An embedded SIM can make your smart watch smarter

Wearables have been given a boost with a new SIM specification that could pave the way to a wave of new connected devices joining the mobile network. Remote SIM Provisioning (RSP) enables operators to remotely manage the SIM embedded in a connected device to allow access to mobile network services. The technology has been developed for devices that cannot accommodate a removable SIM and reader, or would benefit from a significant reduction in size.

The first release of the technical specification was announced on 18 February, and then presented publicly at the Future of SIM seminar at the GSMA Mobile World Congress (MWC).

The GSMA brought together 40 major players from across the mobile industry including operators, device manufacturers and SIM vendors to create RSP. By investing a collective 17,000 hours in developing the standard, the industry has demonstrated its commitment to interoperability.

“Two years ago we started to ask: how do we connect a device that doesn’t have a user interface and how do you authenticate the user of the device?” said Carsten Ahrens, Head of Telecoms at Giesecke & Devrient. “You would think this is fairly straightforward but you need an industry-wide solution to the problem and that takes time to agree.”

Speaking at the seminar, Jean-Christophe Tisseuil, Head of SIM at the GSMA said: “We have united the industry to establish a single way of distributing SIM card tokens electronically that will be secure, fully interoperable and portable between devices. RSP allows an operator to remotely manage the (eUICC) SIM embedded in a wearable or a tablet device to allow access to mobile network service. We believe it will lead to a new generation of smaller, lighter, mobile-connected devices, that are better suited for wearable technology applications.”

Simple activation


In the initial specifications, RSP details how a profile is provisioned to a connected device via a QR code downloaded to a companion device such as a smartphone. This video filmed at MWC shows a Samsung Galaxy Gear S2 watch being provisioned and activated in minutes.

Benoit Jouffrey, Vice President of On-Demand Connectivity at Gemalto, said: “We wanted a process that was simple for the end user. The voucher is just the first step. As the specifications develop, we will develop even simpler ways for authenticating an embedded SIM.”

Backed by operators

Mobile operators are supportive of the RSP spec.  “We’ve had remote SIM provision for years, but only for industrial devices,” added Peter Becker-Pennrich, Product Management Director, Devices at Vodafone Group. “It would not have been a very nice experience if you tried to use this process for consumer devices. Using the control panel was too complicated. RSP is frictionless in comparison.”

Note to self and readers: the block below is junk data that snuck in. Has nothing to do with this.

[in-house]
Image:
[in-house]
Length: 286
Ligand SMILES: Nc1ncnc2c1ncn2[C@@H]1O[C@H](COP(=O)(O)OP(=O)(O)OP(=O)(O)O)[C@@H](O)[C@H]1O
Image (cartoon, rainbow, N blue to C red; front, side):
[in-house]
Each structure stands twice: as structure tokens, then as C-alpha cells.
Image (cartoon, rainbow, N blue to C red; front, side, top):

Philippe Lucas, Senior Vice President, Standardisation & Ecosystems Development at Orange, also highlighted how existing processes were not well suited to connected devices. “We already offer online subscription. It takes about 5 minutes, that’s all. But then I have to wait 5 days for the SIM card to be sent through the post. eSIM digitises the distribution of the SIM card.”

With a SIM designed specifically for consumer connected devices, AT&T believes it could kick-start a wave of new customers on the network: “Over the last two years, we haven’t seen the wearables sector grow as quickly as we would like. RSP will let device manufacturers be more creative and we can support them,” says Vijay Perumbeti, Assistant Vice President of Standards and Industry Alliances, AT&T.

Smart devices to boom

With broad support from operators and leading SIM vendors, device manufacturers will have a global market to address. They will be able to develop one model of connected device which will be compatible with all mobile networks that have adopted the RSP specifications.

Combined with the falling costs of LTE radio modules, RSP could be a major driver in more device types embracing cellular. These could encompass a wide range of wearables and ‘pocketables’, for instance headphones, portable speakers, cameras, jewellery, clothing, drones, tablets, e-readers, personal assistants, baby monitors, connected toys and pet trackers, among others.

Mobile network operators, mobile device manufacturers and SIM vendors have worked closely together through the GSMA initiative to deliver a specification that will allow consumers to easily activate the SIM embedded in a range of devices with a subscription from a mobile network operator of their choice. The initiative does not aim to replace all SIM cards in the field, but is instead designed to help users connect multiple devices through the same subscription and will help mobile device manufacturers to develop a new range of smaller, lighter mobile-connected devices that are better suited for wearable technology applications.

Biggest names in mobile

The RSP specification is backed by the world’s largest operators including AT&T, China Mobile, China Unicom, CK Hutchison, Deutsche Telekom, EE, Etisalat, KDDI, NTT DOCOMO, Orange, Rogers, SFR, Sprint, SK Telecom, Telefónica, Telenor, TeliaSonera, Telstra, TIM, Verizon and Vodafone. It is also supported by SIM and chipset vendors including Gemalto, Giesecke & Devrient, Morpho (Safran), Oasis, Oberthur Technologies, STMicroelectronics, Qualcomm and Valid, as well as device makers including Alcatel, Apple, BlackBerry, Huawei, LG, Microsoft, Samsung and Sony.

Watch a demonstration of provisioning a Samsung Gear S2 watch or download the RSP specifications.